Dr Jane Osbourn
Antibody engineering expert Dr Jane Osbourn, vice-president of research and development at AstraZeneca and chair of the UK BioIndustry Association (BIA) has been made an Officer of the Order of the British Empire (OBE).
She was honoured for services to human monoclonal antibody drug research and development and biotechnology.
She described it as a “great honour and privilege”.
The former headteacher of Mayfield Primary School, Jaspaul Hill, has been made a Member of the Order of the British Empire (MBE). She was honoured for services to education.
Having started her teaching career in London, Ms Hill left Mayfield Primary School after 25 years as headteacher last summer.
At the time, she said: “I have thoroughly enjoyed my time at Mayfield and leading a school with such a wonderful mix of families and such dedicated staff and governors,” she said. “There have been some very challenging times, not least when the school was destroyed in a fire, but we came out stronger as a community, and the school went from strength to strength.
“I am now looking forward to the next stage of my life be that travelling, time with family, consultancy or learning new skills and facing new opportunities.”
Physics teacher Georgios Meliniotis, of Melbourn, has also been honoured with an MBE for services to education. Mr Meliniotis worked at The Meridian School in Royston.
Michael Oliver Flavin, review team manager, for Bedfordshire Cambridgeshire and Hertfordshire joint protective services major crime unit, is honoured for services to policing.
There are also MBEs for the co-founder of Peterborough Rape Crisis Care Group, Sonia Hitch, for services to survivors of sexual violence, and Dr Jean Lesley Wilson, president of the Church Monuments Society, for services to heritage.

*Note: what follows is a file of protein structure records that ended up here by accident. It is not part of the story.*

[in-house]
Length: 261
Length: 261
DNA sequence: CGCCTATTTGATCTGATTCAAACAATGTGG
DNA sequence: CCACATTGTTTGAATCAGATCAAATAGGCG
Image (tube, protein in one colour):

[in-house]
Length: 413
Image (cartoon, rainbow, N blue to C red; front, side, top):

The founder of the Cambridge College, a leading international school in Lima, Peru, has been made an MBE for services to education in Peru and Latin America.
The college, founded in 1984 provides an education to more than 1,000 local and expatriate students between the ages of four and 18 years old.
He is also a founding member of British Schools Peru and the Association of British Schools in Latin America.
The principal expert by experience for the Independent Review of the Mental Health Act, Catherine King has been awarded an MBE for services to Mental Health Legislative Reform.
The former chief constable of Cambridgeshire Constabulary, Alec Wood, has been awarded the Queen’s Police Medal.
Mr Wood joined the police in Lincolnshire in 1986, and held roles in both uniform and CID during his career.
He joined Cambridgeshire police in 2013 as deputy chief constable before being appointed chief constable in 2015.
Four British Empire Medals
British Empire Medals (BEM) have been awarded to Cambridgeshire’s Deborah Fletcher for services to the community in Folkestone Kent, Michael Haines for services to people with disabilities in Cambridgeshire, and Dr Maryanne Mariyaselvam, national innovation accelerator fellow and clinical research fellow, at Queen Elizabeth Hospital King's Lynn NHS Trust and University of Cambridge, for services to healthcare.
Norman Larke, chairman of Chatteris branch of The Royal British Legion has also been awarded a BEM for voluntary service to the ex-service community in Cambridgeshire.